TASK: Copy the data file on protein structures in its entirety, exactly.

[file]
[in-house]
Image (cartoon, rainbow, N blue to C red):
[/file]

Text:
[in-house]
Image (cartoon, rainbow, N blue to C red):